Average teacher pay depends on a number of factors. Pay increases with seniority, so a district with a preponderance of veteran teachers would tend to pay more on average than a district with a lot of inexperienced teachers. Cost of living also plays a role, as districts located in expensive communities must pay more to attract talent.
The Education Lab is a local journalism initiative that highlights education issues critical to the advancement of the San Joaquin Valley. It is funded by donors. Learn about The Bee’s Education Lab at its website.
‘Lucky to be alive.’ Ag helicopter pilot unhurt after crashing in Fresno County field
A helicopter pilot considered himself lucky Saturday afternoon, able to walk away from the wreckage of his crashed aircraft after clipping power lines while spraying a field near Laton in rural Fresno County.Mark Trinkle of Kingsburg said he was flying a Bell 206 JetRanger, built as an agriculture sprayer, when it went down just before 2 p.m. near South Clovis and East Blanchard avenues, just north of downtown Laton.Trinkle was applying herbicide and making his last pass on the farm, which the pilot said is in a tricky area bec...
A helicopter pilot considered himself lucky Saturday afternoon, able to walk away from the wreckage of his crashed aircraft after clipping power lines while spraying a field near Laton in rural Fresno County.
Mark Trinkle of Kingsburg said he was flying a Bell 206 JetRanger, built as an agriculture sprayer, when it went down just before 2 p.m. near South Clovis and East Blanchard avenues, just north of downtown Laton.
Trinkle was applying herbicide and making his last pass on the farm, which the pilot said is in a tricky area because of the multiple power lines that run across it. He said he went underneath one set, but hit another.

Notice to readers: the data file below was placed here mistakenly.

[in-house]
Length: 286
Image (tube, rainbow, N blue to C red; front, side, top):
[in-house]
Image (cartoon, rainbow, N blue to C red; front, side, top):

He “clipped it and it threw me into these ones,” he said, “which then brought the helicopter down.”
“I got out and made sure the power was off and fuel and everything was off. Just crawled right out. Lucky to be alive.”
No one else was onboard. He praised the helicopter’s design for helping him avoid injury, other than a scratch on the right cheek and back of his hand.
An ambulance crew checked him out to make sure he was fine.
“The helicopter itself is very reliable and safe,” Trinkle said, noting he also was wearing a harness and helmet. “As you can see, the cockpit is totally torn up and I’m fine.”
A pilot for 16 years and a crop-duster since 2009, it was his first helicopter crash. He is a veteran of the U.S. Navy, a crew member on a P-3 Orion. The crash and survival training he received in the service helps remind him of the dangers.
Trinkle walked to where his trailer was parked, then return to pick up the debris. He had help from family and friends who loaded the wreckage. The rotor blade was in the field.
A passerby reported the crash. The Federal Aviation Administration and National Transportation Safety Board will investigate, Fresno County Sheriff’s Lt. Robert Salazar said.
PG&E spokesman J.D. Guidi said one pole was broken and, along with damage to the electrical lines, power was knocked out for 56 customers.
Those affected included 48 customers in Laton, six in Selma and two in Hanford. Estimated restoration was 2 a.m. Sunday, Guidi said.
This story was originally published March 13, 2021 2:44 PM.
After a year disrupted by COVID, students grateful for in-person livestock shows at Big Fresno Fair